Ana Maria believes it made all the difference in the world.
“I noticed that he just started picking [the language] up fast, to the point that now he can -- it's not 100 percent, but I would say that it's 90 percent -- that he can communicate with my family,” Ana Maria said, adding that she saw it also helped with his memory.
Ana Maria said Mitch's struggles and setbacks weren't apparent early in their relationship and she thought he was just a regular guy. She had never heard the terms TBI or PTSD.
“He came to me and told me, ‘hey this is what I have,' and to me it was like, okay, just get it over with. Don't worry stressing about it; you understand everybody has stress in their life ... he's like, ‘no, this is something different.' So he gave me a couple websites and I just started looking and researching and reading material and then talking to other people.”
The PTSD manifested in Mitch's life months after the TBI and added a new challenge to the relationship. Ana Maria started to see markers of the disease after they moved in together. Mitch was in school working on his master's degree in operations research at the Air Force Institute of Technology in Ohio, and they had started to plan their wedding. Stress was high.
“You fight with your spouse or your boyfriend, but the fights that you have with people with PTSD or TBI; it's different,” Ana Maria said. “It's a different concept, so that's when I [started to] notice ... When I said something to him that would not be mean [to others], but to him was such a big deal, it was a little confusing.”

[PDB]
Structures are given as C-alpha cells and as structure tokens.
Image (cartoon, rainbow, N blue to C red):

The relationship had strains, but Ana Maria said she has never changed her mind about marrying Mitch. She made a commitment to take the good with the bad.
After his diagnosis, both began to educate themselves and are learning how to cope with PTSD, each in their own way. For Ana Maria, she said patience and understanding are two key elements. In a given situation, she tries to take a moment to recognize if Mitch is talking or acting a certain way because of the influence of PTSD before she reacts.
Through their trials, Mitch and Ana Maria still maintain that newlywed spirit. She sees in him a driven, loving husband and a great father; and Mitch never lost that feeling he got the first time he laid eyes on her.
“To me it was like love at first sight; for her, she tells me that she thinks I was a loser,” he said teasing his wife. “I continue to tell the story that, no, she was smitten the first day that she saw me.
“It was just the right fit. I wasn't looking for anything. I was [working through issues] and hurting quite a bit, [but ultimately,] there was nothing I could do. I was just hit by the love truck,” he chuckled.
Ultimately, their marriage is like any other. It takes effort and patience to make it work. Though they have additional battle scars to contend with, Mitch and Ana Maria said they will continue to face recovery head-on together.
By U.S. Air Force Senior Airman Jette Carr
Provided through DVIDS